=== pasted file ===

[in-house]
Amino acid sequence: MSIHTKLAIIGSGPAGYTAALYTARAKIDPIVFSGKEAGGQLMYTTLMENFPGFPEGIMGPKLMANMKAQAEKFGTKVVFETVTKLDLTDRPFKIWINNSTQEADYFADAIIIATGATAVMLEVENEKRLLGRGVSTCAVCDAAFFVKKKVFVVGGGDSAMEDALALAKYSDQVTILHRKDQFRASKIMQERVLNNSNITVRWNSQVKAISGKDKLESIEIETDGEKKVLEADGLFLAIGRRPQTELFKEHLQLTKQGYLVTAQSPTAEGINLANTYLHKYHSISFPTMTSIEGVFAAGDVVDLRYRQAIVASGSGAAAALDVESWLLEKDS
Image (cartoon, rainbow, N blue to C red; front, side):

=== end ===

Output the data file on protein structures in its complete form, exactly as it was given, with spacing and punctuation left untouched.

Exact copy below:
[in-house]
Amino acid sequence: MSIHTKLAIIGSGPAGYTAALYTARAKIDPIVFSGKEAGGQLMYTTLMENFPGFPEGIMGPKLMANMKAQAEKFGTKVVFETVTKLDLTDRPFKIWINNSTQEADYFADAIIIATGATAVMLEVENEKRLLGRGVSTCAVCDAAFFVKKKVFVVGGGDSAMEDALALAKYSDQVTILHRKDQFRASKIMQERVLNNSNITVRWNSQVKAISGKDKLESIEIETDGEKKVLEADGLFLAIGRRPQTELFKEHLQLTKQGYLVTAQSPTAEGINLANTYLHKYHSISFPTMTSIEGVFAAGDVVDLRYRQAIVASGSGAAAALDVESWLLEKDS
Image (cartoon, rainbow, N blue to C red; front, side):